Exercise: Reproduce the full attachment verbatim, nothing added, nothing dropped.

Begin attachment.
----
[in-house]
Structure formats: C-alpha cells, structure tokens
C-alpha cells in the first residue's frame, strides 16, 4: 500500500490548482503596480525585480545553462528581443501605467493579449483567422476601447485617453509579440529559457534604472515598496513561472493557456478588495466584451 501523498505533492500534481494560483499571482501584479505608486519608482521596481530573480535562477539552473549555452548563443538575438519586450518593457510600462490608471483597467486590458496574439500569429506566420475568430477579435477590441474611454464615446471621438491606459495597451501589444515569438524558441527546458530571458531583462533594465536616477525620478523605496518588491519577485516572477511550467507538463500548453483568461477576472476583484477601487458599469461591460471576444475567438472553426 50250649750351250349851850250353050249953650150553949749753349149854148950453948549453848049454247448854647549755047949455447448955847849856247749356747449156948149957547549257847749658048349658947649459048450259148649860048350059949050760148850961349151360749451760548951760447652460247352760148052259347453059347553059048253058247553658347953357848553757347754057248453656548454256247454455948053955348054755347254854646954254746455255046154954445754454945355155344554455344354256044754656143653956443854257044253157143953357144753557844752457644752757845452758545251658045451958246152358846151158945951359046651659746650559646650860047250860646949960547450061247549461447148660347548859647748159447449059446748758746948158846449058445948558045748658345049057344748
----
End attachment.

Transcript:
[in-house]
Structure formats: C-alpha cells, structure tokens
C-alpha cells in the first residue's frame, strides 16, 4: 500500500490548482503596480525585480545553462528581443501605467493579449483567422476601447485617453509579440529559457534604472515598496513561472493557456478588495466584451 501523498505533492500534481494560483499571482501584479505608486519608482521596481530573480535562477539552473549555452548563443538575438519586450518593457510600462490608471483597467486590458496574439500569429506566420475568430477579435477590441474611454464615446471621438491606459495597451501589444515569438524558441527546458530571458531583462533594465536616477525620478523605496518588491519577485516572477511550467507538463500548453483568461477576472476583484477601487458599469461591460471576444475567438472553426 50250649750351250349851850250353050249953650150553949749753349149854148950453948549453848049454247448854647549755047949455447448955847849856247749356747449156948149957547549257847749658048349658947649459048450259148649860048350059949050760148850961349151360749451760548951760447652460247352760148052259347453059347553059048253058247553658347953357848553757347754057248453656548454256247454455948053955348054755347254854646954254746455255046154954445754454945355155344554455344354256044754656143653956443854257044253157143953357144753557844752457644752757845452758545251658045451958246152358846151158945951359046651659746650559646650860047250860646949960547450061247549461447148660347548859647748159447449059446748758746948158846449058445948558045748658345049057344748